As of 22 May 2018, Bangladeshi citizens had visa-free or visa on arrival access to 41 countries and territories, ranking the Bangladeshi passport 94th in the world according to the Visa Restrictions Index.

Relinquishing nationality

Nationality can be revoked only if it was conferred upon a person by naturalisation, unless the person wilfully surrenders citizenship.[2]

It can be revoked if the naturalised alien provided false information in his/her application. It can also be revoked if the person is sentenced to prison for at least a year or fined at least BDT 1,000 (about US$14) within five years of the naturalisation, or if the person loses contact with Bangladesh for at least seven years. Defection by trade and communication with an enemy at war or remaining a citizen of an enemy state at war will also result in denaturalisation.[2]

Controversial issues

Ghulam Azam

Ghulam Azam was a leader of Jamaat-e-Islami during the Liberation War of Bangladesh. He moved to Lahore, Pakistan, during the war, held a Pakistani passport, applying repeatedly for a Bangladeshi nationality[7] until 1978, when he returned to Bangladesh on a tourist visa. He stayed in the same visa for 16 years until 1994. He then obtained Bangladeshi citizenship and a Bangladeshi passport during Khaleda Zia's tenure.

In a controversial verdict, the High Court, and later, the Supreme Court held that Ghulam Azam was a citizen by descent and domicile since the commencement of the Bangladesh Citizenship Order.

Stranded Pakistanis

The independence of Bangladesh from Pakistan in 1971 led to the abandonment in the Bengali-majority state of around half a million "stranded Pakistanis", colloquially called Biharis, who traced their ethno-linguistic heritage mostly to the Bihar region. Biharis who maintained that they were Bangladeshis were granted citizenship by the Bangladesh Citizenship Order 1972.

Those who maintained that they were Pakistanis, however, were considered non-nationals, as well as those who found their names at the Red Cross list of refugees.[2] Despite official promises, neither Pakistan nor Bangladesh recognised them as citizens until May 2008, when the High Court conferred jus soli citizenship to all Urdu-speaking people born and residing in Bangladeshi territory after 1971.[8]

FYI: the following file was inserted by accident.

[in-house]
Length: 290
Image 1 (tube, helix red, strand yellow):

Rohingya people

Several hundred thousand Rohingya people fled Myanmar for Bangladesh including 250,000 in 1978 as a result of the King Dragon operation in Arakan. In an attempt to counter the Burmese claims that the Rohingyas are Bangladeshis, the Bangladesh Government amended the Citizenship Order in 1982 to officially declare all the Rohingya refugees non-nationals.[8] The Rohingya refugees are unable to return to Myanmar in fear of the military junta.[9]

See also

References

  1. ^ a b "Bangladesh Citizenship (Temporary Provisions) Order, 1972 [Bangladesh]". UNHCR. Archived from the original on 7 October 2012. Retrieved 25 November 2011.
  2. ^ a b c d e f g h i Ko, Swan Sik (1990). Nationality and international law in Asian perspective. London: Martinus Nijhoff Publishers. ISBN 0-7923-0876-X.
  3. ^ a b c d "Cabinets approves draft citizenship law". The Independent. Dhaka. 1 February 2016.
  4. ^ Central Bank of Bangladesh. "Investment Facilities". www.bb.org.bd. Bangladesh Bank. Archived from the original on 2 July 2017.
  5. ^ "Bangladesh honours Father Marino". The Daily Star. 4 January 2009. Archived from the original on 5 March 2018.
  6. ^ "Greenidge arrives in city today on a 5-day visit". The Independent. Dhaka. 13 May 2018. Archived from the original on 14 May 2018.
  7. ^ "Bangladesh Vs. Professor Golam Azam and others, 1994, 23 CLC (AD)". Chancery Research and Consultants Trust. Retrieved 25 November 2011.
  8. ^ a b "Bangladesh". The International Observatory on Statelessness. Retrieved 25 November 2011.
  9. ^ Dummett, Mark (29 September 2007). "Burmese exiles in desperate conditions". BBC News. Retrieved 26 November 2011.

External links

  • Immigration, Bangladesh Police—Official web site